SocNets, Kindness among Crucial Consumer Trends

August 12, 2011

The growing impact of social network fans and consumer receptiveness to acts of kindness by brands are among the major consumer trends tracked by this year. Following are brief recaps of three of the most important consumer marketing developments advises marketers to keep track of this year.

‘F’ is for F-Factor

Consumers are tapping into their networks of friends, fans, and followers to discover, discuss and purchase goods and services in ever-more sophisticated ways. As a result, advises it’s never been more important for brands to make sure they too have what it calls the “F-Factor,” with “F” standing for friends, fans and followers. identifies five key ways the F-Factor influences consumer behavior:

1. F-Discovery: How consumers discover new products and services by relying on their social networks.
2. F-Rated: How consumers will increasingly (and automatically) receive targeted ratings, recommendations and reviews from their social networks.
3. F-Feedback: New ways in which consumers can ask their friends and followers to improve and validate their buying decisions.
4. F-Together: How shopping is becoming increasingly social, even when consumers and their peers are not physically together.
5. F-Me: How consumers’ social networks are literally being turned into products and services.

Practice Random Acts of Kindness

For consumers long used to (and annoyed by) distant, inflexible and self-serving corporations, says any acts of kindness (R.A.K.) by brands will be gratefully received. For brands, increasingly open communications both with and between consumers (especially online), means that it’s never been easier to surprise and delight audiences with R.A.K.: whether sending gifts, responding to publicly expressed moods or just showing that they care. identifies three key components of R.A.K.:
1. Human Touch: Consumers increasingly want to see the human side of brands (or if indeed a brand has a human side at all), making R.A.K. more welcome than ever.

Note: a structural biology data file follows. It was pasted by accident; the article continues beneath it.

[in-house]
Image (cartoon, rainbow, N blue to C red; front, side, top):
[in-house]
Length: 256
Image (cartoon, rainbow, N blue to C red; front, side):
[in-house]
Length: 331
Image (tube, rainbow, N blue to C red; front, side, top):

2. Putting It Out There: Audiences are publicly disclosing more and more personal information on Facebook, Twitter and other social networks, about their lives, moods and whereabouts, both current and intended, enabling R.A.K. to be more relevant.
3. Pass It On: More consumers than ever are now sharing their experiences with their friends and wider audiences on social networks, meaning R.A.K. can spread far beyond the original recipients.

The Rise of ‘Citysumers’

As rapid urbanization is one of the biggest macro trends of our time, advises brands can’t go wrong innovating for existing and developing “Citysumers,” the name it gives to the hundreds of millions of experienced and sophisticated urbanites. identifies three key factors driving the Citysumers trend:

1. Urban Boom: Close to 180,000 people move into cities daily, adding roughly 60 million new urban dwellers each year. And, while ‘traditional’ global powerhouses such as New York, London and Paris are already sharing the stage with Beijing, Mumbai and Istanbul, increasingly cities such as Belem, Chongqing and Guadalajara are ready to make their mark.
2. Urban Might: Rich in networks and opportunities, cities act as magnets, sucking in talent and spewing out innovation. The result? Increased wealth and power of cities and those who live in them.
3. Urbane: Urban culture and values now dominate. Citsysumers are addicted to the here-and-now, experiences, choice and freedom, flexibility and rawness, unrestricted opportunity, and hunt for the “Next Big Thing” if not the “Next Big Story.”

All of which make consumers even more demanding and more open-minded, but also more proud, more connected, more spontaneous and more try-out-prone: Citysumers will eagerly snap up a whole host of new urban goods, services, experiences, campaigns and conversations.

Look for ‘Twinsumers’ and ‘Social-lites’

Both of these types of online consumers were identified by in December 2010 as critical to spreading positive word-of-mouth recommendations. Twin-sumers are consumers with similar consumer patterns, likes and dislikes, and who are hence valuable sources for recommendations on what to buy and experience; while social-lites are consumers who consistently broadcast information to a wide range of associates online.


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